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BIPOC Critics Lab Cohort

The BIPOC Critics Lab was founded in 2020 by Jose Solís as a first-of-its-kind program designed to train and create work by emerging BIPOC (Black, Indigenous, People of Color) theater journalists. Solís noticed a gap in training based on his own experience as a cultural critic in the field and created an educational space for BIPOC critics who had not been welcomed into cultural criticism, whether due to systemic oppression, lack of opportunity, or because they didn’t know they were allowed to see themselves as critics. Solís solicited applicants for the first cohort through Twitter where over 100 BIPOC participants expressed interest in participating. For the last two years, The Kennedy Center has hosted the BIPOC Critics Lab online as a part of the American College Theater Festival. Alumni of the program have gone on to write and work as editors for outlets such as
The Los Angeles Times, Andscape, Elle, Glamour, American Theatre, Broadway News, 3Views, Brooklyn Rail, and Token Theatre Friends. 

Following the tenets of dialogue, compassion, and nurturing one’s unique voice, future critics who participate in the cohort will contribute to the creation of a custom program that fits their specific needs and encourages them to pursue the path of criticism that best serves them. Participating in the cohort is of no cost to members. Selected members will have the opportunity to learn all aspects of arts journalism through a variety of mediums beyond the written word. BIPOC experts in the field also serve as guest speakers for the Lab. All critics will be assigned a commissioned piece at the culmination of the program and will be compensated for their work. 

Applications for the 2023-2024 cohort are now closed.

Please reach out to us at [email protected] for any inquiries.

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BIPOC Critics Lab at The Public

The Public Theater is hosting the fourth iteration of Jose Solís’ BIPOC Critics Lab in the 2023-2024 season. Following a successful two-year collaboration with The Kennedy Center, The Public is honored to continue founder Jose Solís’ commitment to creating an educational space for BIPOC critics in the realm of cultural criticism. 

Sessions for the Lab will span over The Public’s 2023-2024 season, and those chosen to participate will receive offers to join the cohort in mid-June, with the cohort officially beginning in July during The Public’s Free Shakespeare in the Park production of HAMLET. This iteration of the cohort will be a hybrid model of in-person and online sessions. Applicants local to NYC or living in the tri-state area will be prioritized. 

The cohort will meet typically once a week for short sessions. Meeting times will be decided by the cohort collectively once applicants are selected for the program. There is no expectation for applicants to provide full-time availabilty, and may continue to pursue full-time jobs, education, and other obligations during the course of the program.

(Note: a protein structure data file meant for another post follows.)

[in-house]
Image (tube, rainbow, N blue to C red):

Applications for the 2023-2024 cohort are now closed.

Host the Lab at Your Theater Company

The BIPOC Critics Lab is a movement.

Since the Lab was founded in 2020, The Public committed to commission all past and present cohort members. As we host the next iteration, we invite theater organizations from all around the world to commission a critic. If you are interested in being added to our list of interested organizations, please email us at [email protected] with your organization name and preferred main contact. We are gathering a database of interested contacts as opportunities come up. Additionally, if you are writing to us from a press office, we hope you can add our future cohort members to invite lists during their tenure at The Public. 

While The Public is hosting a Lab next season, there are opportunities for more than one cohort to exist simultaneously, particularly in other parts of the country or world. If you’re interested in hosting a cohort at your organization, we encourage you to reach out to Jose Solís by filling out this form.

About the Founder

Jose Solís began his career as a critic at age 16 when he launched a film review website in Honduras, his home country. He began writing about theatre while attending college in Costa Rica, and upon moving to NYC in 2012, focused mostly on the stage. His work has appeared in The New York Times, The Toronto Star, The Washington Post, American Theatre, TDF Stages, The National Catholic Reporter, Encore Monthly, Backstage, Salon, Rotten Tomatoes, 3Views, and America Magazine. He created the web series/podcast Token Theatre Friends.

In 2020, he was selected as the Floria Lasky Visiting Artist at Hunter College where he hosted the Wed@One series. The same year he founded the BIPOC Critics Lab, a training program for the cultural critics of the future. The second and third installments of the Lab were hosted by the Kennedy Center for the Performing Arts. In 2021, he was named one of the Kennedy Center’s Next 50, “leaders and organizations that, through sustained excellence of artistic, educational, athletic, or multi-disciplinary work, are lighting the way forward.”

He is currently based in Madrid, Spain, where he’s completing a master’s program in Cultural Criticism and Theory at the Universidad Carlos III.